While trap and the sound of Atlanta conquered the world in 2015, Seth Sentry remained true to himself. The Melbourne-born rapper got his start in drum and bass in the early 2000s, quickly soaking up hip-hop sounds. He has the classic résumé of the rapper who has climbed the ladder gradually: spotted by a radio journalist, popularised by the Internet, and let out of the underground thanks to a debut album, This Was Tomorrow, in 2012. But it is with Strange New Past, this second record, that he truly arrived. It’s a flavoursome album that shines with jazz-infused songs like “Hell Boy”, “Sorry” and “Fake Champagne”. On the latter, he lets fly with some big instrumental segments, showing how much importance Australian rap places on instrumentalists. Naturally, rock influence predominates, populating tracks like “How Are You” and “Run”, on which guitars take up the most room. Seth Sentry also knows how to play the fool on “Dumb, a somewhat naive piece. But one thing is for sure: Strange New Past is no joke.

Genesis Owusu – Cardrive (2017)

Originally from Ghana, Genesis Owusu is an artist who embodies the future of Australian rap, with both melancholy and darkness. Based in Canberra, musically far removed from the frenzied rhythms of the 2000s, the rapper proved, with his EP Cardrive, that a heavy sound is not just a matter of a high bpm. It is the cold anger of “Goondocks”, the poetic interludes of “Tremendous: The Devil’s Soliloquy” and the aquatic sweetness of “Blue Pill” that make this project a centrepiece for the new generation. His status was further enhanced in 2019 when his single “WUTD” was chosen as the music for a high-profile commercial in Australia. Appearing in a mask more and more, making himself seem increasingly enigmatic and his musical direction increasingly mysterious, he released his first album in 2021, entitled Smiling With No Teeth. Of course, Genesis Owusu is only at the dawn of his career, but he is already setting an example.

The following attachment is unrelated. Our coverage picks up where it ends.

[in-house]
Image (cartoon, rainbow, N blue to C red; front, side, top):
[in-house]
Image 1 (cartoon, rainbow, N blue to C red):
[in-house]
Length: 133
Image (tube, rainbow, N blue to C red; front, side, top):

Sampa The Great – Birds and the BEE9 (2017)

Sampa The Great has nothing left to prove. The singer-rapper was born in Zambia in 1993, grew up in Botswana and then in California before settling on the east coast of Australia and emerging there as an artist. Her entire life story resonates through her music. A free sound, somewhere between jazz, rap and soul, deeply spiritual, and summoning up images that are full of strong black women. Her album The Return, released in 2019, is certainly her most notable achievement. But if only for the incredible track “Bye River” - 7 minutes 42 seconds of esotericism and feminism, all carried by a freewheeling live band - it is the 2017 release, Birds And The BEE9, that enjoys our greatest affection. Ably handling trance, notably on the “The Truth” and on long instrumental tracks, this EP loses us in a musical country which could be African, or the Australian Outback. On “Flowers”, the rhythms become more identifiable, more hip-hop- / jazz-inflected, but the layers of Rhodes Fender retain a measure of depth. With just a few discographic releases, Sampa The Great’s music is conquering the world.